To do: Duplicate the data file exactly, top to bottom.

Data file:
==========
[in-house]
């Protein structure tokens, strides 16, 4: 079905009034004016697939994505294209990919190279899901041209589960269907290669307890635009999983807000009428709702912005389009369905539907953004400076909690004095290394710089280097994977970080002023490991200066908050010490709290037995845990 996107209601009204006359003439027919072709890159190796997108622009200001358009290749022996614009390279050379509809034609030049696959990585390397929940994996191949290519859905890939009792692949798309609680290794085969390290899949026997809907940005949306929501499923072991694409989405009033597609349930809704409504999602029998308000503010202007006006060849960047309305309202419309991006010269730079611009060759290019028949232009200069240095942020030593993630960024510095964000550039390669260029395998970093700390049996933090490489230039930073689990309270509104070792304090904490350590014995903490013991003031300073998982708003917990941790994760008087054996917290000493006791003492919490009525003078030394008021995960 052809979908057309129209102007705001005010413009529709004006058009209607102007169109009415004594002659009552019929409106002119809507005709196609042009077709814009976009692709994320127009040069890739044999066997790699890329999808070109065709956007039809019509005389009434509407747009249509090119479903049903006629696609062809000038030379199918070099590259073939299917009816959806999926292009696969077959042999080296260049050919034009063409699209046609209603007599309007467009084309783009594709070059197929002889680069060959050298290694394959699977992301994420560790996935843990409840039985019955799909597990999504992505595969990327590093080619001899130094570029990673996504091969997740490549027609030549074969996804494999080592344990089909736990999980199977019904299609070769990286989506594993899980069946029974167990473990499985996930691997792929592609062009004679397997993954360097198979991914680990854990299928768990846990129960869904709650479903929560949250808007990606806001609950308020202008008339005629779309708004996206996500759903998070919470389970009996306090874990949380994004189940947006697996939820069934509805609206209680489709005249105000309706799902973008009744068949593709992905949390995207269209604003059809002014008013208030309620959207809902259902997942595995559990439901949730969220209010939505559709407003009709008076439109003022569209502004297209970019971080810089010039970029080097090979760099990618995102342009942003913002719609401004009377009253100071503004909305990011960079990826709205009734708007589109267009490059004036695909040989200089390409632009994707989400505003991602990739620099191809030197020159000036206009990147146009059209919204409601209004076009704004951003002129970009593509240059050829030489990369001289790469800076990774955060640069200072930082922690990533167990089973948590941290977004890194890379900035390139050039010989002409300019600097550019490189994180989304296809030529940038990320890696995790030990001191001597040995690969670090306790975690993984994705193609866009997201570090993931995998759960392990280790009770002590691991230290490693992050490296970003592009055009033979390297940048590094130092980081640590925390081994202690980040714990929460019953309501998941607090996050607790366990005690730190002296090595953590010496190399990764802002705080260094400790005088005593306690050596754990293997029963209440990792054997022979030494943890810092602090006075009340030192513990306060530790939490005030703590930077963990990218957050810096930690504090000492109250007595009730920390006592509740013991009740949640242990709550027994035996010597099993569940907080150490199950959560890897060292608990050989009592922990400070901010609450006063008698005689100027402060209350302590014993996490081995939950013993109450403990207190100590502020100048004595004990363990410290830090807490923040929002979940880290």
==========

[in-house]
């Protein structure tokens, strides 16, 4: 079905009034004016697939994505294209990919190279899901041209589960269907290669307890635009999983807000009428709702912005389009369905539907953004400076909690004095290394710089280097994977970080002023490991200066908050010490709290037995845990 996107209601009204006359003439027919072709890159190796997108622009200001358009290749022996614009390279050379509809034609030049696959990585390397929940994996191949290519859905890939009792692949798309609680290794085969390290899949026997809907940005949306929501499923072991694409989405009033597609349930809704409504999602029998308000503010202007006006060849960047309305309202419309991006010269730079611009060759290019028949232009200069240095942020030593993630960024510095964000550039390669260029395998970093700390049996933090490489230039930073689990309270509104070792304090904490350590014995903490013991003031300073998982708003917990941790994760008087054996917290000493006791003492919490009525003078030394008021995960 052809979908057309129209102007705001005010413009529709004006058009209607102007169109009415004594002659009552019929409106002119809507005709196609042009077709814009976009692709994320127009040069890739044999066997790699890329999808070109065709956007039809019509005389009434509407747009249509090119479903049903006629696609062809000038030379199918070099590259073939299917009816959806999926292009696969077959042999080296260049050919034009063409699209046609209603007599309007467009084309783009594709070059197929002889680069060959050298290694394959699977992301994420560790996935843990409840039985019955799909597990999504992505595969990327590093080619001899130094570029990673996504091969997740490549027609030549074969996804494999080592344990089909736990999980199977019904299609070769990286989506594993899980069946029974167990473990499985996930691997792929592609062009004679397997993954360097198979991914680990854990299928768990846990129960869904709650479903929560949250808007990606806001609950308020202008008339005629779309708004996206996500759903998070919470389970009996306090874990949380994004189940947006697996939820069934509805609206209680489709005249105000309706799902973008009744068949593709992905949390995207269209604003059809002014008013208030309620959207809902259902997942595995559990439901949730969220209010939505559709407003009709008076439109003022569209502004297209970019971080810089010039970029080097090979760099990618995102342009942003913002719609401004009377009253100071503004909305990011960079990826709205009734708007589109267009490059004036695909040989200089390409632009994707989400505003991602990739620099191809030197020159000036206009990147146009059209919204409601209004076009704004951003002129970009593509240059050829030489990369001289790469800076990774955060640069200072930082922690990533167990089973948590941290977004890194890379900035390139050039010989002409300019600097550019490189994180989304296809030529940038990320890696995790030990001191001597040995690969670090306790975690993984994705193609866009997201570090993931995998759960392990280790009770002590691991230290490693992050490296970003592009055009033979390297940048590094130092980081640590925390081994202690980040714990929460019953309501998941607090996050607790366990005690730190002296090595953590010496190399990764802002705080260094400790005088005593306690050596754990293997029963209440990792054997022979030494943890810092602090006075009340030192513990306060530790939490005030703590930077963990990218957050810096930690504090000492109250007595009730920390006592509740013991009740949640242990709550027994035996010597099993569940907080150490199950959560890897060292608990050989009592922990400070901010609450006063008698005689100027402060209350302590014993996490081995939950013993109450403990207190100590502020100048004595004990363990410290830090807490923040929002979940880290």